The fire service is also to be commended for the range of community-based initiatives that it undertakes throughout the country to promote fire safety in the home. We want such progress to be measured against the commitment to prevention as the first line of defence against fire, and we want to develop a more clear vision and strategy for the service. I welcome particularly the excellent programme of community fire safety work being implemented by the West Midlands fire and civil defence authority. Throughout that process, we have established the principle of best value and the West Midlands fire and civil defence authority, as the hon. Member for Aldridge-Brownhills said, is defined as a best value authority under the Local Government Act 1999. Under that duty of best value, authorities are required to secure continual improvement in the exercise of their functions, having regard to a combination of economy, efficiency and effectiveness. It is their duty to do that, and the statutory responsibility for achieving it lies with the fire authority. It is for the West Midlands fire and civil defence authority to keep its fire cover provision under review and, in particular, to provide a service that meets the national standards of fire cover.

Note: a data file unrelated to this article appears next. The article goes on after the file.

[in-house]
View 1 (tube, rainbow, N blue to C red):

I turn now to the Aldridge and Bloxwich fire stations. In January last year, the authority submitted a bid for support under the private finance initiative to replace single-appliance fire stations at Aldridge and Bloxwich with a new two-appliance fire station within the Walsall metropolitan borough council area. In April, it was selected as one of the bids to go forward to the next stage. The authority is in the process of developing its outline business case, at which point we shall wish to consider, in consultation with professional advisers, the scope of the scheme, whether PFI requirements are met and, in particular, whether the scheme represents value for money.

The private finance initiative has been mentioned at various points in the debate, and I well understand the controversy that arises about that method of financing public sector investment. I have the largest PFI hospital in the country in my constituency and there has been much controversy about that. In fact, the building work is many months ahead of schedule and such a method has been efficient, but strong worries persist. The Department for Education and Employment has recently announced a £90 million PFI initiative for improving schools in eastern Norfolk. Head teachers

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have expressed concerns, and I understand the anxieties about that method of financing--it can give rise to doubts--but, ultimately, Government policy is right.